The NiteBite® Timed-release Glucose BarTM is a specially designed snack food that was formulated specifically for insulin users who are concerned about developing low blood sugar (hypoglycemia), particularly at night.
NiteBite was developed by nutritional scientists at Harvard Medical School. Each bar contains 100 calories, 1 Carbohydrate Exchange, and 1/2 Fat Exchange. The key ingredient is uncooked cornstarch. The NiteBite bar is soft and chewy, like cookie dough. If it were cooked, the cornstarch wouldn't be uncooked and the medical benefit would be lost. NiteBite is available in three flavors: chocolate, peanut butter, and banana.
NiteBite contains three sources of glucose that are absorbed at different times:
- Sucrose in NiteBite is readily converted to glucose, and is absorbed quickly.
- Protein in NiteBite is converted to glucose more slowly and absorbed around 2.5 to 5 hours after eating.
- Uncooked cornstarch begins to appear in the blood as glucose immediately after ingestion. However, due to its complexity, it continues to appear in the blood for 6 or more hours .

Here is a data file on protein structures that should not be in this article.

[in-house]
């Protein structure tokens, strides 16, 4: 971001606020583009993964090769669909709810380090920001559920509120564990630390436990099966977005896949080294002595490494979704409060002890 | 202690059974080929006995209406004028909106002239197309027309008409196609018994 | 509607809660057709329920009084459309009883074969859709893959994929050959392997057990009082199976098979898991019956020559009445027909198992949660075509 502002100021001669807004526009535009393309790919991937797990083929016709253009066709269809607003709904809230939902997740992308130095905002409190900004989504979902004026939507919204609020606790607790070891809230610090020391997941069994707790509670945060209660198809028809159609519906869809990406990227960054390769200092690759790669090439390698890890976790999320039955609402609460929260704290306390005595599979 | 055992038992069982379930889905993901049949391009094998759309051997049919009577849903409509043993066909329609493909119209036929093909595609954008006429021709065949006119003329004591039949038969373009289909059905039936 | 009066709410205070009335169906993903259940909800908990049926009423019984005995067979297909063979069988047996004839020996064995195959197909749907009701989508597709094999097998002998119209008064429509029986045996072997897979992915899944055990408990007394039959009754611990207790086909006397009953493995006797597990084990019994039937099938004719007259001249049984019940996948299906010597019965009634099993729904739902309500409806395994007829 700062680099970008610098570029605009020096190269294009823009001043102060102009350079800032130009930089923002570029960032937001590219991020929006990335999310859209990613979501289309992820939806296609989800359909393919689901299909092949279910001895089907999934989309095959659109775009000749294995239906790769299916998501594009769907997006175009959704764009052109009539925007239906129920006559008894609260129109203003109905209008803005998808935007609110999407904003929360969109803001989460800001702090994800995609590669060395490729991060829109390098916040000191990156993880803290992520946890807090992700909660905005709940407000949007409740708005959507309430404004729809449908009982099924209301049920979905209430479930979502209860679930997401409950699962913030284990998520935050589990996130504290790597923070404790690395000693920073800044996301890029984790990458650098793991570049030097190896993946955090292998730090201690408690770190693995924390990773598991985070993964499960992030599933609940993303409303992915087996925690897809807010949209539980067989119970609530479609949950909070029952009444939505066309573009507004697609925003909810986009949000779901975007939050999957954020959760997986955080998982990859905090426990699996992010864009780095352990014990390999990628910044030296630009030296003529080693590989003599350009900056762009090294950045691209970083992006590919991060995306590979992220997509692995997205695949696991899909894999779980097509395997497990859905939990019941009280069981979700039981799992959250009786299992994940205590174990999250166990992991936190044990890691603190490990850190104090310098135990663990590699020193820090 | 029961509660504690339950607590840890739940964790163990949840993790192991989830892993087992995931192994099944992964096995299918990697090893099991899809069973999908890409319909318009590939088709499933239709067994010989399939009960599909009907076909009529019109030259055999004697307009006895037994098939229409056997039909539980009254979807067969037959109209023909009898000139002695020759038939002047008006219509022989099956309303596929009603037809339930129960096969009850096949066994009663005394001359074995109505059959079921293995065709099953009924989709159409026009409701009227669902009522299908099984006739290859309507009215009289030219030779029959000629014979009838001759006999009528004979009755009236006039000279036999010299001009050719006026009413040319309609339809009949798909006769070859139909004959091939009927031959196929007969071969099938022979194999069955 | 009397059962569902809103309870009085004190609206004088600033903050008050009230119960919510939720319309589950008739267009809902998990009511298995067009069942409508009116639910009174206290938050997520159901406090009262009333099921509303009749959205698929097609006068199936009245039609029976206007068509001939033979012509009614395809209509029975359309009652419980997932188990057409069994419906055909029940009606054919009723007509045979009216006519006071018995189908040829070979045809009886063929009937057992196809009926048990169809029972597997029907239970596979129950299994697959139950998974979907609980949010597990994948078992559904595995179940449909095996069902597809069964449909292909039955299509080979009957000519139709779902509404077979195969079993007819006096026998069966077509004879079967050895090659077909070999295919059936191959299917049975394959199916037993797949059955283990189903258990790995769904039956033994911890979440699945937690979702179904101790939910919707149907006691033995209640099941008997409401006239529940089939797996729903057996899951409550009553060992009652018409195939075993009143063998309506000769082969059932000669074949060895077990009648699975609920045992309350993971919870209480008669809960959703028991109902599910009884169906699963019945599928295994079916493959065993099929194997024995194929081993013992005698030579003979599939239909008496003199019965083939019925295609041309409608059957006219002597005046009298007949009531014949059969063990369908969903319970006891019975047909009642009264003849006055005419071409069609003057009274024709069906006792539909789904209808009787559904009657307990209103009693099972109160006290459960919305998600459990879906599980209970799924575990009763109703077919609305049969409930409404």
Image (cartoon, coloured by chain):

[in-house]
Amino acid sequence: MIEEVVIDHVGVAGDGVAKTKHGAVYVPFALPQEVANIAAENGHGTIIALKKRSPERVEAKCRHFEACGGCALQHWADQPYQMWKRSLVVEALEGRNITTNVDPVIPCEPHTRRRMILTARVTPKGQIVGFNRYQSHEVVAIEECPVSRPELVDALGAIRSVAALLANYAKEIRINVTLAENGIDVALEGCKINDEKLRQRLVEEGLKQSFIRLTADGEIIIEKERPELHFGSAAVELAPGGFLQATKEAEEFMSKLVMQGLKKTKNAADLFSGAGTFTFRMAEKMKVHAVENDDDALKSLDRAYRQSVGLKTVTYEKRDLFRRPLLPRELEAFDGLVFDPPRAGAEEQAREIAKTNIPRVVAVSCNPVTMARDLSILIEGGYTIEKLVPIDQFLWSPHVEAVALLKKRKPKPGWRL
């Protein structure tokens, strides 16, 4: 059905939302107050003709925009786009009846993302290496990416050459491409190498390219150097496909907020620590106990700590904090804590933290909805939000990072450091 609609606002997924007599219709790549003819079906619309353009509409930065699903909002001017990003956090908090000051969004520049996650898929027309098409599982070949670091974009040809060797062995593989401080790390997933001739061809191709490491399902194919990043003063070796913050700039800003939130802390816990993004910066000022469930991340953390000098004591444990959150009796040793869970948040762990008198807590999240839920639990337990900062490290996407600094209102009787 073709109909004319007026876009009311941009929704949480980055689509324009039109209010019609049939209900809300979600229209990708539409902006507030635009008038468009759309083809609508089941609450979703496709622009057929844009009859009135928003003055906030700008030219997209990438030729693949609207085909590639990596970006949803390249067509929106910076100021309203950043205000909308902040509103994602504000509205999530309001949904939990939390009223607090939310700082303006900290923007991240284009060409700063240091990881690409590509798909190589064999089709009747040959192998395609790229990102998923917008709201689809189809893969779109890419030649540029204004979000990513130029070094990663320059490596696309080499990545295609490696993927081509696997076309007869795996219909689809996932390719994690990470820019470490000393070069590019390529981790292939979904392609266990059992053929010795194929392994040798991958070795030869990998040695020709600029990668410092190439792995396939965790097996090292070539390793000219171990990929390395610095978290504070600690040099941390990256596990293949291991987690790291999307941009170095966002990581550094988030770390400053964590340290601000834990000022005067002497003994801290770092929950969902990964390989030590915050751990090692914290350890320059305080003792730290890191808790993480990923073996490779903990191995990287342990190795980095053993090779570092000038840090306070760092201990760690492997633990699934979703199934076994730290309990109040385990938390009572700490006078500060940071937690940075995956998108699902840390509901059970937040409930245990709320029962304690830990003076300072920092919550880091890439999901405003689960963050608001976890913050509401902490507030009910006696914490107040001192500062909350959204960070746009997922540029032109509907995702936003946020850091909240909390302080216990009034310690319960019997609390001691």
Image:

A study published in Diabetes Care showed that eating a NiteBite prior to exercise helped people lessen the incidence of high blood sugar during and after exercise with no more incidence of low blood sugar as compared with the usual snack [Bell, SJ et al. "Glycemic Control During Exercise" Diabetes Care, Vol.21:10 pp175-77, Oct. 1998].
ICN Pharmaceuticals, Inc.
Attn: Diabetes Care
3300 Hyland Avenue
Costa Mesa, CA 92626
|Return to the Top of This Page|
Last Updated: (none)
This Internet site provides information of a general nature and is designed for educational purposes only. If you have any concerns about your own health or the health of your child, you should always consult with a physician or other health care professional.
This site is published by T-1 Today, Inc. (d/b/a Children with Diabetes), a 501c3 not-for-profit organization, which is responsible for its contents. Our mission is to provide education and support to families living with type 1 diabetes.
© Children with Diabetes, Inc. 1995-2018. Comments and Feedback.